Isaias Hellman might not have the Jewish name recognition of a Levi Strauss or an Adolph Sutro in California history, but he almost single-handedly launched the Golden State into modernity.
“No one man in California has left an impress upon the financial affairs of the state in so many different communities and in such an unquestioned manner as I.W. Hellman,” wrote Ira Cross in his multi-volume “Financing an Empire: Banking in California.”
Frances Dinkelspiel, an award-winning journalist and Hellman’s great-great-granddaughter, meticulously documents her ancestor’s powerhouse biography in “Towers of Gold: How One Jewish Immigrant Named Isaias Hellman Created California,” an illuminating economic history of the Golden State in the late 19th and early 20th centuries.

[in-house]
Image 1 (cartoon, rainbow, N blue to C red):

Dinkelspiel spent eight years culling through more than 50,000 pieces of paper, including business ledgers, telegrams, personal letters and even grocery bills, in an effort to mold an accessible portrait of a titan of industry and finance.
Dinkelspiel then pieced together the disparate strands of Hellman’s story, which she found in archives and history books, from his arrival in California from Bavaria in the mid-19th century to his death in 1920. She also filled “Towers of Gold” with fascinating side tours of the other people and events that shaped the state’s development in the modern age.
Causes Frances Dinkelspiel Supports
Judah L. Magnes Museum, Berkeley, CA
Park Day School, Oakland, CA